Harry Treadaway on the Chilling Parallels Between ‘Mr. Mercedes’ and Reality (Exclusive)

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On executive producers Jack Bender and David E. Kelley’s chilling AT&T Audience Network adaptation of Stephen King’s Mr. Mercedes, Harry Treadaway plays the titular serial killer, Brady Hartsfield. Over the course of the first nine episodes, audiences have witnessed just how tormented and demented of a psychopath Hartsfield is as he’s killed innocent people and continuously terrorized Det. Bill Hodges (Brendan Gleeson), who retired after being unable to solve a massacre, when 16 people were killed by a Mercedes. 

A fan of King's novel, which is the first of a crime noir trilogy following Det. Hodges, Treadaway tells ET ahead of the season one finale that the reality these fictional characters lived in was so relatable, but portraying Hartsfield proved to be a challenge. To internalize the character’s past tragedies and voyeuristic approach to killing, the actor cleared out his local bookstore of texts on psychopaths and serial killers, getting a few strange looks at the checkout counter. 

“Lots of really jolly things,” Treadaway jokes with regard to digging deep into stories about deranged personalities, adding: “In reality, and sadly, there are so many cases of people like Brady committing crimes like Brady that you don’t have to look too far to see the real deal out in our world. For me, that helped factor into something other than [playing] a character in a Stephen King novel.”

In fact, the real world perhaps paralleled the series too closely at times. While King’s 2014 book was based on an Ohio incident from 2011, vehicle-ramming attacks in Berlin, Jerusalem and Nice, France, have become even more prevalent in the three years since the book was first released. In fact, two days after ET visited the Charleston, South Carolina, set, a man drove a car into pedestrians in London, killing four people. 

MORE: On Set of the David E. Kelley Adaptation of Stephen King's 'Mr. Mercedes'

At the time of our visit, Bender, who also directed the series, said that “given the world we’re in right now, taking a look inside one of these monsters may not be such a bad thing.” While speaking with ET by phone, Treadaway echoes that sentiment. “We want the work we’re doing to have an impact on the world at large,” he says. “In a weird way, to work on something that has parallels in our world, there’s something in it to discuss and address.”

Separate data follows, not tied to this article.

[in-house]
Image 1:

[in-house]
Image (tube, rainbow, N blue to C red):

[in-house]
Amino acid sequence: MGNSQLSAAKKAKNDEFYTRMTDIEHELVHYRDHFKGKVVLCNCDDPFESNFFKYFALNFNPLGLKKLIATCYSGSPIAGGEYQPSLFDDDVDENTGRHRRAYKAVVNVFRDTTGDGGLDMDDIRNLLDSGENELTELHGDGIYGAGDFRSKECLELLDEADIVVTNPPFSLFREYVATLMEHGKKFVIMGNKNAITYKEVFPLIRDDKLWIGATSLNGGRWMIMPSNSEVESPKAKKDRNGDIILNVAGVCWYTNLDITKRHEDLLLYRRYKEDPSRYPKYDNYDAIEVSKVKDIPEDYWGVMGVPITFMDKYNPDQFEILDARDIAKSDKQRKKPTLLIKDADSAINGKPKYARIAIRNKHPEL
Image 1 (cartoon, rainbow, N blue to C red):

And all those real-life horrors are perhaps why a show like Mr. Mercedes, which was renewed for a second season, continuing Hodges’ story with Finders Keepers, and the many other King adaptations have resonated with audiences this year. “There’s something about the suburban horror with him, the residential nightmare that he paints so well,” Treadaway muses. “The idea that you’re living on the street with someone who could be plotting something like that is terrifying. Sadly, we’re in a world where we’ve become aware of that more and more.”

Though, it’s nothing like being in the mind of someone like that, which the actor was while filming Mr. Mercedes. Committed to the role, the actor found himself struggling to not take Hartsfield home with him each night. “Trying to not be dreaming it and think of it first thing when you wake up -- I have to say I wasn’t always successful being able to do that,” says Treadaway, who’s starting to pick up some awards season attention for his portrayal. “It was a character you really needed to get into to get under the skin of.”  

The Mr. Mercedes season one finale airs Wednesday at 8 p.m. ET/PT on Audience Network.

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